JANUARY UPDATE: We got a unanimous vote from the State Review Board so now it is up to the State Historic Preservation Office to forward the nomination to the Keeper of the National Register (or not). We had 9 speakers in favor at the hearing in Galveston and they also received 47 letters of support and many more online expressions of support. UTSA provided the sole opposition to the listing.
FEBRUARY UPDATE: University of Texas Board of Regents voted in secret to either lease or sell the ITC to the City for a new Spurs arena. No one is talking, though.
The Spurs probably have enough tax liability that they could use the historic preservation tax credits themselves, avoiding a syndication!
“Time is what keeps everything from happening at once.”
- Mark Twain
I have always loved history because it contains everything. It is full of contradictions, replete with exceptions that prove the rule, and layered with conflicting motivations, unintended consequences, and outright paradoxes. Those of us who promote history by preserving historic sites revel in this depth and complexity. It isn’t simply that more stories can be told from each place. You can also attract more visitors, and thus complexity adds money as well.
This was one of the big arguments we made about preserving the Woolworth Building with its important Civil Rights history across from the Alamo (see this blog for example). Under the old plan, you would get Alamo battle tourists only. By adding another layer to the depth of history told, you get more tourists. That means more money. That’s why everyone was so excited when the Alamo and the other San Antonio Missions became a World Heritage Site in 2015 (my blog at the time).* Because that adds another story – the story of the missions, the Franciscans, soldiers and indigenous people who first populated the city in the 18th century. More stories = more tourists = more money.
I bring this up because some tabloids and their online siblings have been attacking various National Trust historic sites for being “w*ke” or adopting “CRT” or some other cryptohistoric political claptrap they invented. Being tabloids, they strive to paint sites onto one side of the political spectrum by outright lying that they are only interpreting these sites one way.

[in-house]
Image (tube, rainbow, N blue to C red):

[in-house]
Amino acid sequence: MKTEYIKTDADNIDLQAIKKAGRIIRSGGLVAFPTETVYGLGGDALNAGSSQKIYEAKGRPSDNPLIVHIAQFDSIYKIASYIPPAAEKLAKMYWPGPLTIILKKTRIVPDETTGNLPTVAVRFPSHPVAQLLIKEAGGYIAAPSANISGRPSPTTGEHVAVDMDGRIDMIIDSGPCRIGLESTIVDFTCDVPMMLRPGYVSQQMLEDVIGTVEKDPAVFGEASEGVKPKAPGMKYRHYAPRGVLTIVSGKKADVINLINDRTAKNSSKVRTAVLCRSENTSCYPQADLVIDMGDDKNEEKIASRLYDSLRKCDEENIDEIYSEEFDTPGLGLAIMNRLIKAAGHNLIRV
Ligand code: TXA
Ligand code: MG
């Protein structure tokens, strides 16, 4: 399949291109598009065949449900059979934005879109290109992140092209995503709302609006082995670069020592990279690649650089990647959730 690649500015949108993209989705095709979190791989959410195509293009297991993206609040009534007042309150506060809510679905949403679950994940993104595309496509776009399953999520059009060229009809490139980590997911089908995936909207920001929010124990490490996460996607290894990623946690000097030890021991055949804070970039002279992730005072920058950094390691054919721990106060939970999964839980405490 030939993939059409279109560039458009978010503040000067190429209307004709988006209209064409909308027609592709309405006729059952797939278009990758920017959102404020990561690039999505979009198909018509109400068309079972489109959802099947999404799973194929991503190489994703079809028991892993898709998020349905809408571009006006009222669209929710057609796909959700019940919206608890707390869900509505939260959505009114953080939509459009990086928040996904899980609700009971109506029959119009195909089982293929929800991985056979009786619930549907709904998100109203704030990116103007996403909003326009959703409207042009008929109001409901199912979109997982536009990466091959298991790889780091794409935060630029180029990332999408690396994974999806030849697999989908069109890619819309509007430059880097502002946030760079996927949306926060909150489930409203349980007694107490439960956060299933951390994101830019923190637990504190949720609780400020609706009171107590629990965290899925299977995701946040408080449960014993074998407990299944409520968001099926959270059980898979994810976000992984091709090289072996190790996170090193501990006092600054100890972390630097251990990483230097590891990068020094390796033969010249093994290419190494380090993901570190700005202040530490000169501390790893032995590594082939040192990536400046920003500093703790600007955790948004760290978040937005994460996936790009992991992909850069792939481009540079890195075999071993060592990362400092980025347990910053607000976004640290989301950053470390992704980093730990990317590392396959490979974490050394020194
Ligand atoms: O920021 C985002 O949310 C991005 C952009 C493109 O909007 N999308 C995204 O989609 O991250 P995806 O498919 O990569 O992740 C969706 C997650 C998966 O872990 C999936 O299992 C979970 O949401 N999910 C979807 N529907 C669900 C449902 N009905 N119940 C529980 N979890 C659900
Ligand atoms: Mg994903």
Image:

Wrong. Also stupid. Also you lose money because you shut out stories that attract more and different people. Diversity is always going to be economically richer. One of those maligned by the knuckle-draggers was Montpelier, which I visited as a Trustee of the National Trust some years ago.
The main point of interpretation was James Madison and the Constitution, which it still is. So don’t believe the tabloidiots who said otherwise. Another story being told is that James Madison could not maintain 100 buildings all by himself and had enslaved people do it. That story is also told. I saw the preparations for both of those stories – and many more about nature and gardens and decorative arts and lifestyles. That’s how successful sites work – they have depth. Otherwise people would see them once for an hour and never have to return.
The problem with “culture wars” is that they are driven by ideology. Ideologies, as I explained before (and despite their verifiable agency) are always wrong BECAUSE they are static and thus ignore history. History is dynamic, diverse, complex and contradictory. That’s why it is so fun. You can’t get it all in an hour. Or a day. Or a week. Or a lifetime.
When the mouth-breathing tabloidiots is that when they say “w*ke” or “CRT” they are making it up. These house museums and historical societies are about preserving and interpreting history, and the more the better. Their agenda is telling a deep, rich and complete story of everything that happened over time.
Anyone who says otherwise is selling something.
*FUN FACT: The 1836 Battle for the Alamo is not part of the World Heritage nomination for the missions.
I recently recovered my old coin collection from my parents’ house and it got me thinking about time and value. There is a natural tendency to assume that older things have greater value, but any economic history can disprove that pretty quickly. The value of things fluctuates greatly over time, but we tend to think values go up over time.